Orcs, the Panic of Banjos

This is part of a series exploring some advice on how to use certain monsters in your games–a resource for flavor and occasional combat tips. This is from an old post, being reposted–I expect I’ll revise in the near future.

By and large, I think most people feel they have a grasp on most monsters–so I don’t want anyone thinking my takes on these things are me saying how things SHOULD be… I only want to talk about how they CAN be.

To that end. Orcs. I think for those influenced by classic fantasy, Orcs are like Lord of the Rings creatures or maybe something from WoW–I was never exposed to anything fantasy before D&D and even then, never really anything in the high-fantasy settings (like Forgotten Realms). So, what I made of Orcs (and how I think of them) is driven by sort of a natural analogue.

In my games, I treat orcs as something very much like the most dangerous imagining of an Appalachian hillbilly possible. I think positioning them like this offers a few huge advantages to natural role-play…

  1. As a chaotic and evil sort of species, they’re unstructured and largely familial and tribal. When you run into pods of them they aren’t a “society” (Lawful things build those) and they aren’t “looking out for each other” (Good things do that). They’re petty. They run together out of fear and anger and a sense of xenophobia about everything else. That can splinter in a heartbeat. I like to keep a small chance that (pending circumstances) someone could convince one Orc to go violent-crazy on their kin in a heartbeat. Even in combat. I imagine them as being drawn together for battle, but being often resentful of each other and constantly showing each other up. Their unity is highly questionable. They should come on like a terrifying wave of violence, but be easy to dissapate with sensible actions. I had a game situation, once, where the illusionist in the party cast some sound that sounded like an Orc making fun of another one right after that one missed a hit. I gave that a simple Wis save to represent keeping his composure (not disbelieving the sound), he failed and his next action was to spin around and sink a great axe into the Orc right behind him. The whole fight devolved into chaos after that with Orcs fighting players, fighting other Orcs, sicking wolves on each other… total madness.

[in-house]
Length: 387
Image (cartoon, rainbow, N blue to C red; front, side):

2. As to motivations for attacking PC’s, I bury that in three places… first, Orcs are deeply impoverished (again, imagine some Stephen King level rednecks in the mountains). Anything worth anything, they’re going to steal and kill whoever has it. Second, Orcs are absolutely ignorant and racist. Third, perverse sexual and sadistic reasons. Imagine the most racist and bigoted, outspoken bastard from the worst of American history? That caricature? That’s how I RP my Orcs. They have a perverse facination with subjugating other races, but not really in a productive so much a punitive and self-aggrandizing way. Rapes are common. Beatings. Hangings, even. torture. Slave labor. They everything they CAN’T breed with as not even a person and everything they CAN breed with as a second-class person at best. Elves, being so different, are the pretentious and “French” trash of the Orcish world. To that end, their combat takes a priority, kill the elves… kill the other demihumans… knock out the humans, take them for slaves/breeding. Even so, though, they regard Half-Orcs as the retarded cousins they hate, but tolerate. They’re the runty, miserable weak bastards of the clan. Most Half-Orcs live the worst possible in-between… they never survive “the family” as they get older (the playful childhood beatings turn into reckless savagry by the time they’re adults), and the rest of the world sees them as an Indian off the reservation. Racial animosity factors in heavily. The rage and anger and retribution of a marginalized, white-nationalist, hillbilly collective who blames EVERYONE in the world for why they aren’t living better. They’re not enlightened, they’re not animalistic… they’re just terrible people. Full of prejudice and ignorance, power and petty ambition, driven to stay busy because the alternative is staying in the hills and mountains with the clan and eventually murdering each other out of even pettier resentments.